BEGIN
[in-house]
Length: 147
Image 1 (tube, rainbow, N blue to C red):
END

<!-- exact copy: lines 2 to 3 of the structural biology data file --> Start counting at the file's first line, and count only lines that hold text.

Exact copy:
Length: 147
Image 1 (tube, rainbow, N blue to C red):